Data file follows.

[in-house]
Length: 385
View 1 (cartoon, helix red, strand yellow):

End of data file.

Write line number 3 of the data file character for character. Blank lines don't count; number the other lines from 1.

View 1 (cartoon, helix red, strand yellow):